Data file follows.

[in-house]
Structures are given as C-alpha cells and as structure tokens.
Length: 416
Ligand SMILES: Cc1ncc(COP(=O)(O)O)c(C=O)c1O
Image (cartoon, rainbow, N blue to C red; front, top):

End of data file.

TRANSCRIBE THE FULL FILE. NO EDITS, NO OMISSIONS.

[in-house]
Structures are given as C-alpha cells and as structure tokens.
Length: 416
Ligand SMILES: Cc1ncc(COP(=O)(O)O)c(C=O)c1O
Image (cartoon, rainbow, N blue to C red; front, top):